Thank you Mother Earth News for this high light - Readers, just ignore the 500 km from Toronto to PEI comment, the actual distance is 2,000 km and that was going to be completed on bicycle in September, but sadly the plans have changed and the bike trip has been postponed. Originally, however, I was planning on walking 500 km from Toronto to Montreal and then taking a ship up the St. Lawrence to PEI, it was at this time that I started talking with the writers from Mother Earth News and so the facts got a little mixed up. Still, I am eternally grateful for their attention to my cause.
When Barbara Pleasant’s piece appeared in Mother Earth News this week I knew I had to dust off the draft of a post I had tentatively entitled, Why Eating Five Bags Of Kale A Week Might Not Be A Good Idea.
The title came from a random encounter with an enthusiastic 20-something who proudly told me he and his wife consumed five bags of kale each week. I hope he reads When Eating Greens Is Not Good For You.
Follow the link to review this well-researched blog post and read here about the Environmental Working Group’s Dirty Dozen Plus.
The most recent list ranks spinach number 8 and lettuce number 9 on the Dirty Dozen Plus list. Equally disturbing is the special designation given kale and collard greens.
This year we have expanded the Dirty Dozen™ with a Plus category to highlight two crops—green beans and leafy greens, meaning, kale and collard greens—that did not meet traditional Dirty Dozen™ criteria but were commonly contaminated with highly toxic organophosphate insecticides. These insecticides are toxic to the nervous system and have been largely removed from agriculture over the past decade. But they are not banned and still show up on some food crops. (EWG)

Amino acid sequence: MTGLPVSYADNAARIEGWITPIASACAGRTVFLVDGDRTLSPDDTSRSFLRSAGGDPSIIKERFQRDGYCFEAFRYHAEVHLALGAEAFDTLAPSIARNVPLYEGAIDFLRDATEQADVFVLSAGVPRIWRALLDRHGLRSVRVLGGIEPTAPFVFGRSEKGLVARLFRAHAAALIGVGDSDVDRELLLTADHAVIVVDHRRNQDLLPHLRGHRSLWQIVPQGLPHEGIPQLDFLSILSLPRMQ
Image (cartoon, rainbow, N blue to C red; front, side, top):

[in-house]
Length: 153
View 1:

So just when we think we’re doing something good for our bodies—eating more greens—unless we’re choosing organic or growing our own, we may be unwittingly adding to our pesticide burden.
But back to the question – what exactly is ‘modern homesteading’ anyway?
I asked the question on our Facebook page and here are some of the responses - I think you’ll find them illuminating:
• ”It means “home”.
• “Each family is in a different place in their journey and has different homesteading goals. I don’t think there’s a one-size-fits-all definition. Each family has to decide for themselves what’s right for them. We should be encouraging each other, not judging each other.”
• “Living a simple life and treading as lightly as I can on mother earth.”
• “It’s just a lifestyle - we all have our different path, but it does not mean we are lost. I use the tech end of it to spread the word and show folks what I’m interested in and maybe, just maybe they are interested too! Do what is important for you and your family to be sustainable and to pass that knowledge down to future generations!”
• “It is a journey, a process, not an event or a place. Homesteading to me indicates action. Trying and learning all the time… expanding what one knows how to do on your own. We are all headed the same direction. Some take different roads but we are all going the same direction.”